To start with, let’s not hide from the question at hand: Yes, you can “accomplish” estate planning by doing nothing more than putting your spouse and/or children’s names on each of your assets. When you die, the assets to which you have added your family members’ names will automatically pass to those persons. (In legal jargon, we call this “by operation of law.”) This is a simple procedure which accomplishes one task: getting the jointly-held asset to the person you’ve made a joint owner, at little-to-no effort.
You’ve probably heard what they say about getting things for free, though, right? You get what you pay for.
What many people who ask this question may not know is that this simple technique is not only fraught with potential problems, it also lacks many of the other benefits that can only be gained by placing property into a trust, or other form of ownership. There are tax and non-tax issues that must be considered. On certain assets when you add a joint owner, a gift is actually made to that person you’ve just named as co-owner, even on common examples like car titles, houses, and stock certificates. Once you add the joint owner on these types of property, all joint owners must join to sell or transfer the asset. And if the joint owner is not a spouse, putting the joint owner on the title of these assets is a taxable gift.
Take Brad, a widowed senior citizen with two adult daughters, Catherine and Daisy. Catherine lives in town, and Daisy does not. Brad worries about going to the hospital (or worse, a nursing home), and Catherine not having access to his money to pay for his expenses. So, he adds her name to the account. She now has full access to his $200,000 bank account. What could go wrong?
To start, the money in that account is now effectively just as much Catherine’s as it is Brad’s. So hopefully she doesn’t (a) get divorced and her ex-husband claims an interest in the account, (b) file for bankruptcy and the bankruptcy trustee claims an interest in it, or (c) get in a car accident and risk a creditor attempting to claim an interest in the bank account. The point is, once Catherine’s name is on Brad’s money, he’s increased his chances of losing it to Catherine’s creditors. And that’s assuming that Catherine does not use the money for her own needs. What if she loses her job or needs money for other purposes? We wish we could say that these are uncommon occurrences, but they are not. And they can happen to anybody.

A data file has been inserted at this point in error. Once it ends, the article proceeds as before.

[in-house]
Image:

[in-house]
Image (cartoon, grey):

Or consider this scenario: Brad’s other consideration for putting Catherine’s name on the bank account was to avoid probate at his death. Even though that $200k will pass to Catherine upon his death, he knows Catherine will “do the right thing” and give $100,000 to her sister. Nothing could possibly go wrong with that, right?
The point is, there is absolutely nothing binding Catherine to “do the right thing” and even up the scales for her and her sister. Joint names do nothing to ensure that Brad’s wishes are followed, if he truly wants his daughters to split the estate equally. A trust would ensure that happened. In normal circumstances, the trustee would divide the bank account exactly 50-50. Plus, when property is passed to heirs and held in trust for them, they can get substantial protection against creditors, divorce, and bankruptcy. The protection is strong and unique to trust law.
Also, there are tax considerations for not using joint tenancy. OK, so let’s say your kids are perfect, unlike Brad’s. First of all, congratulations. However, just because your kids will distribute the money as you’d want when you’re gone still doesn’t make joint ownership the perfect solution to your estate planning goals, for one very simple reason: taxes. Capital gains are realized when you sell a capital asset. You are taxed on the difference between the amount you receive in the sale and the amount you paid for the asset. You sell a company’s stock for $100 that you bought for $20, there is $80 of gain for you to be taxed on.
When a person dies, though, generally, their cost goes from $20 to the value of the asset at their date of death, or $100. We call this “step-up in basis.” If Brad’s daughter sold that stock for $100, her taxable gain would be $100 - $100 = $0. There would be $0 gain realized to tax her on.
However, if Brad put her name on the property, though, she is a part owner, and her 1/2 interest in the property doesn’t get stepped-up to the date-of-death value. When she sells the property there is potential for a much larger tax liability. $80 or $100 doesn’t sound like much, but tack a couple zeroes onto the ends of those figures, and suddenly tax planning becomes a much more important strategy.
If it is important to Brad that his plan works the way he expects, he should meet with an attorney experienced in estate planning. Of course, from time to time, Brad is going to change his mind about his estate planning goals and concerns. So, he should also have a formal process to update his plan. At The Laiderman Law Firm, P.C. we focus on keeping our clients’ estate plans up to date with changes in their goals, as well as in the law and their family.
If you want more information, or have any questions, please contact the attorneys at The Laiderman Law Firm, P.C.